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Recent retirement
 Readers respond

Dear Readers: In a previous column, I published a letter from a reader who wrote in about her recent retirement and how being able to play more Bingo was one of her retirement goals. She ran into some difficulty, however, when her retiree husband began to complain that she was playing Bingo too much.
I suggested that part of his complaint might stem from her going out and leaving him home to fend for himself. I also suggested that if she helped her husband find his own interests, he might stop complaining about her Bingo playing.
The topic resulted in a litany of letters from other readers, such as those that follow. —Aunt Bingo

Dear Aunt Bingo,
I just read the letter in your column from the recently retired woman whose husband is giving her a hard time about going to Bingo.
I think your answer hit the nail on the head. This sounds to me like a man who has yet to find his own retirement activities and expects his wife to sit home and make sure he is entertained. I would say that the only part I disagree with is that it is this woman’s responsibility to help her husband find his own retirement things-to-do so that she can enjoy Bingo in peace.
He is not a child. He didn’t do anything to help her prepare for retirement. Why must the burden now fall to her to coddle and baby him through a retirement he did not prepare for?
My husband Terry and I are also retired now for about six years. Long before retirement we began talking about what we would do once we did retire. Travel and spending time with our kids and grandkids were at the top of the list. But there were other things—like me wanting to join a cards club or learning to kayak with some friends on the lake—which I wanted to do alone. I also intended to play more Bingo.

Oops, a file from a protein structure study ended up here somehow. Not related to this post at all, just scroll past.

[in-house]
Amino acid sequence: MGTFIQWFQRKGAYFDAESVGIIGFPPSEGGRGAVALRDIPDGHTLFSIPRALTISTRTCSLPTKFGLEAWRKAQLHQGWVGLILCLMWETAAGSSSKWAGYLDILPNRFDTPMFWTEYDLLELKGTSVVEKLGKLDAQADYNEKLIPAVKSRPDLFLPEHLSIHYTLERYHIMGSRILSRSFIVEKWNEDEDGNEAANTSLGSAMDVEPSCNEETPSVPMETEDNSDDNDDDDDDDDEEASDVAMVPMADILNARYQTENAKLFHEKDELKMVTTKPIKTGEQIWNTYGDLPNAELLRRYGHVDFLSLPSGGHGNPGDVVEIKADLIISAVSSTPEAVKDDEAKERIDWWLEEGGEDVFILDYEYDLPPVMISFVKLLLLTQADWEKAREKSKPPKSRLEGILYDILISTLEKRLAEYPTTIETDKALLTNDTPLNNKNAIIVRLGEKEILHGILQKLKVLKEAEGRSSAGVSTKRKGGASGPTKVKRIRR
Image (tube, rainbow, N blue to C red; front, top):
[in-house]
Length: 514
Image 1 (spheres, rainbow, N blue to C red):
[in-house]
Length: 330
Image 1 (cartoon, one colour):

At first Terry had no ideas, and I said that he better come up with some because I didn’t think we needed to be together all the time. He agreed (grudgingly) and after retiring got involved with a local gardening co-op and with a croquet club at a golf course up the road. He also got a part-time job doing deliveries—which he loves.
It is too bad your reader is in her situation. Now she really may have no choice but to follow your advice and spend the beginning of her retirement helping him figure out how to handle his. What a drag. —LC, Maine, via email

Dear Aunt Bingo,
I am very happy that you published the letter from the woman who recently retired and is now being pestered by her husband who has not adjusted to retirement yet.
My husband and I found ourselves in a similar situation when we retired. We’d worked with a consultant on our financial planning for retirement, but it never occurred to either of us that we should talk with a “social” consultant as well.
Both of us found ourselves “stuck” at first with too many hours in the day and not enough activities to occupy our time constructively. Eventually our friends introduced us to senior groups, and we found other thing to do online and through the newspaper. But it must have taken a good two years for us to find our retirement rhythm simply because we weren’t prepared.
I strongly advise everyone who is nearing retirement to do some planning about how they will spend all that free time. Going out to dinner or playing Bingo can only do so much. You really need to have some bigger plans for the future. —Marge M., Virginia, via email

Share your views! Write to Aunt Bingo c/o the Bingo Bugle, P.O. Box 527, Vashon, Washington 98070, or email her at Be sure to include your name and address (you can request that your name not be published), as typically she will not include anonymous letters in her columns.

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